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Esteban Chaves Climbs to Fourth Overall in Genting Highlands

Sun 2 Mar 2014

Esteban Chaves had a hugely impressive showing on the queen stage of the Tour de Langkawi. The Colombian was the fourth rider to reach the summit finish at Genting Highlands. Part of the large early breakaway, Chaves survived the race of attrition that materialised on the punishing slopes of the final climb.

“This was Esteban’s first effort on a major climb in the best part of two years,” said Sport Director Matt Wilson. “It was an amazing effort by him to run fourth. He’s going to be a big star of the future.”

“After such a horrific crash last year, it was touch and go if he would ever ride again,” Wilson continued. “We’ve had our concerns about how he would pull up out of a major injury like that. Here it is on March 2, and he’s already getting results and climbing like this. That’s a huge sign of things to come.”

ORICA-GreenEDGE had hoped to set up Pieter Weening for the finish, and with that objective in mind, the team asked Chaves to ride the early breakaway. As directed, Chaves jumped up the road in what proved to be the decisive move.

“The plan today was to put Esteban in the front group to try to cover the early break and take a little bit of pressure off of Pete,” explained Wilson. “That’s exactly what happened. We hadn’t expected the group to get so big or include so many strong guys. In the end, it was a dangerous move but still a good situation for us.”

Thirty one riders swapped pulls through the valley. With only two teams missing the break, the peloton was happy to sit up and allow the breakaway to build a steady advantage. Sixteen leaders hit the foot of the final summit with more two minutes over the peloton. As the steep gradient began to take its toll on tired legs, the front group shattered.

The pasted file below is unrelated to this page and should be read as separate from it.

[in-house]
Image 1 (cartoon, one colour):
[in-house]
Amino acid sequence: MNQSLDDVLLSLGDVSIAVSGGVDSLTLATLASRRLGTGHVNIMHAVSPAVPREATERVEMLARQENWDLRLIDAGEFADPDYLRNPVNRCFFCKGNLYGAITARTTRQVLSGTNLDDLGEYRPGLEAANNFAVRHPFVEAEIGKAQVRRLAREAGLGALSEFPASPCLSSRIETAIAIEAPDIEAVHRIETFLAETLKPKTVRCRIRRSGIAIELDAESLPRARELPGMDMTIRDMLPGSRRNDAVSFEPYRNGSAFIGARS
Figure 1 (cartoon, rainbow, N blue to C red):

With the finish line looming, Chaves was part of a group of an elite group that included eventual stage winner Mirsamed Poorseyedigolakhour (Tabriz), Merhawi Kudus (MTN – Qhubeka), Issac Bolivar (UnitedHealthcare) and Petr Ignatenko (Katusha). Chaves patiently climbed within himself as Kudos and Bolivar launched attacks in the final push for the line. Poorseyedigolakhour accelerated 200 metres from the finish to take the win.

“It’s a super hard climb,” said Wilson. “It’s equal to the hardest climbs we have in Europe. Climbing begins about 30 kilometres from the finish. There are some big ramps and one place where it descends slightly. The last eight or nine kilometres are a pretty constant gradient of eight or nine percent.”

“Esteban’s group had 2’30 at the bottom of the climb,” added Wilson.  “The Tabriz guy and Kudos from MTN managed to ride across to the front from the group behind. That’s a big effort to ride across a two minute gap like that.”

The overall results mirror the stage results as Poorseyedigolakhour moves into the leader’s jersey. The Iranian has an eight second advantage over Kudus and 11” on Bolivar. Chaves slots into fourth overall at 20”.

“We’ll focus on Aidis Kruopis and the sprints in the upcoming stages, but I don’t think it’s totally over for the general classification,” said Wilson. “I don’t think Tabriz has the ability to control the race every day. There are lots of short, small time gaps in the top five. While the remaining six stages are fairly flat, I think we could see a very attacking race and more surprises along the road.”

“We’ll definitely try to move Esteban up on the overall,” Wilson added. “We’ll be waiting to see some weakness in the Tabriz team – and when we do, we’ll make our move.”

 

 

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